Beach safety is an important part of an Outer Banks vacation

Play it smart to keep your vacation a safe one.

  • WHEN RED FLAGS ARE FLYING, SWIMMING IS PROHIBITED! Red flags fly during dangerous conditions, which aren't always evident to an untrained eye.
  • Do not swim alone.
  • Keep an eye on your children at all times! REPEAT Keep an eye on your children at all times!
  • Flotation Devices are NOT a substitution for swimming ability. Strong breezes and tide changes can cause dangerous drifting. Rely on swimming ability rather than flotation devices.
  • Inexperienced swimmers should limit themselves to wading-deep water.
  • Be careful of DANGEROUS RIP CURRENTS and SUDDEN DROP-OFFS. Rip currents have a noticeable difference in water color, a gap in the breaking waves and foam or other objects moving steadily out to sea. If you find yourself caught in a rip current, DON'T PANIC! Swim parallel to the shore until you are clear of the current. If you can't break free of the rip current, let it take you out beyond the breakers. Then swim diagonally toward shore. Never try to swim against the current!
  • Swim in an area clear of surfers.
  • Don't dive into unknown water or into shallow breaking waves.
  • Remain at least 300 feet from all fishing piers.
  • When in trouble, signal by shouting "Help!" Swinging your arms in a violent motion will tire you out quickly. It is better to conserve your energy and yell for help.

Yes, there are SHARKS! After all, it IS the ocean!

  • Don't swim far from assistance.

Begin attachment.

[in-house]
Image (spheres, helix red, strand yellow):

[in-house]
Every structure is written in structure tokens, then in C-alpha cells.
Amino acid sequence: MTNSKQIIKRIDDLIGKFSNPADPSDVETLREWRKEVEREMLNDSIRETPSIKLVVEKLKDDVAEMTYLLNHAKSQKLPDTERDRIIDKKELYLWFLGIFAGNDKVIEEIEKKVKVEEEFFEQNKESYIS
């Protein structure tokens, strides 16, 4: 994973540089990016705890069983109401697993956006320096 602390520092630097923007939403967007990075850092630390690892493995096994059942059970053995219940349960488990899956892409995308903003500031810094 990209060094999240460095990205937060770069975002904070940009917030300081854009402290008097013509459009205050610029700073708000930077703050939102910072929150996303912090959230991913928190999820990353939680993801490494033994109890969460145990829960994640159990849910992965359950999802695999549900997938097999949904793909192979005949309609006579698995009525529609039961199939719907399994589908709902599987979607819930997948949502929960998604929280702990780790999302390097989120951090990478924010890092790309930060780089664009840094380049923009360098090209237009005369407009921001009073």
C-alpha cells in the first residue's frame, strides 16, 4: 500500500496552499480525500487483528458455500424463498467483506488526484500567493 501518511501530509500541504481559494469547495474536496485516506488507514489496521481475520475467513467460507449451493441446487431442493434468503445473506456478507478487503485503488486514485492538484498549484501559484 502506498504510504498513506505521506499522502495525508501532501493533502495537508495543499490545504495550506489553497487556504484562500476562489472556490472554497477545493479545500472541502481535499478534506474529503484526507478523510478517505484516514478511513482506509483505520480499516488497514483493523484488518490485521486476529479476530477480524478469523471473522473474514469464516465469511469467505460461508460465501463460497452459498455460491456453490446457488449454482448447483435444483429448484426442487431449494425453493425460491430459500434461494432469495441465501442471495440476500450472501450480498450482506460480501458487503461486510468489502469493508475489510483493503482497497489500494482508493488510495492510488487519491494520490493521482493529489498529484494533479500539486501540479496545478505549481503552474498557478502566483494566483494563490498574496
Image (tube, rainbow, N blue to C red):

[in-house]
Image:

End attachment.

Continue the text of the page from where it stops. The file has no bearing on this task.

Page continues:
• Stay out of the water at dawn, dusk, and night when some species of sharks move inshore to feed.
  • Do not enter the water if you have open wounds or are bleeding in any way. Sharks can detect blood and body fluids in very small concentrations.
  • Avoid murky waters, harbor entrances, and other areas near stream mouths (especially after heavy rains), channels or steep drop-offs. These types of waters are are known to be frequented by sharks.
  • Do not wear high-contrast clothing or shiny jewelry. Sharks see contrast very well.
  • Refrain from excessive splashing; keep pets which swim erratically, out of the water. Sharks are known to be attracted to such activity.
  • Do not enter the water if sharks are are known to be present, and leave the water quickly and calmly if one is sighted. Do not provoke or harass a shark, even a small one.
  • Be alert to the activity of fish or turtles. If they start to behave erratically, leave the water. A shark may be present.
  • Do not swim near people fishing. Stay away from dead animals in the water.

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